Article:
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Mind Matters: Nurturing Mental Wellness This May!

May is here.  May is Mental Health Awareness month.  This was started in 1949 to actively address the challenges faced by individuals and families dealing with mental illness.  Since then, the environmental and societal challenges have only gotten worse.

 

Societal pressures and expectations arising due to the advent of social media are not very good for mental health in general, one could agree,

Adults are no longer immune to these pressures or a certain meanness that arises from such behaviors which is traditionally associated with high school behavior.

1 in every 5 American struggles with some kind of mental health issue and only half of them is receiving any kind of care.

Most mental illnesses arise by the time someone is in their teens and the remaining arise by their early twenties.

Access is still an issue in our health care system, and this is further complicated by the stigma attached to these diagnoses.

This is completely unacceptable.

One treats high blood pressure or diabetes, or cholesterol, however we are unable to even talk about our mental health struggles. This is due to lack of awareness about mental health, and mental health issues, denial, avoidance due to stigma. And preconceived notions about these diagnoses. Even a well-meaning friend or family member is often times unequipped or simply doesn’t know how to handle these issues.

There are a lot of experienced providers and resources that are available for these individuals and their near and dear ones.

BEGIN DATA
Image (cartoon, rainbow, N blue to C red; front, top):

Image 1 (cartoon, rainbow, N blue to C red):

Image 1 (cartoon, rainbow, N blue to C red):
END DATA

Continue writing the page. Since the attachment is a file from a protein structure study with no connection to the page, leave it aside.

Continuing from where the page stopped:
National Institute of Mental Health, National Alliance on Mental Illness are some of the organizations that have abundant resources in their websites to help.

The Suicide Hotline is now 988 instead of 1800 number to make it easier to access.  

 

In this fast-paced world one could easily get carried away by outward appearances, the instant gratifications and relationships of convenience.

 

It is extremely important for parents to teach compassion and empathy to their children so in turn their children can also receive it when they are in need. These qualities should be seen as cool qualities and not looked down on.

 

 

 It is absolutely important to get your depression screened annually with your physician. Get your vitamin B12, D levels, Thyroid levels etc. checked annually. The deficiencies can cause depression and mood issues.

 

A healthy lifestyle with balanced diet and regular exercise is good for mental health.

As an integrative health care provider, the supplement of the month is magnesium. Magnesium glycinate is very good for mood and sleep. Relora is another one that I personally love.

 

As a physician that treats mental health, and as someone that deals with mental health issues personally, I urge everyone to take a moment and check on that friend, that family member, that child, that neighbor, that is struggling. You might just save someone.  

 

  

 

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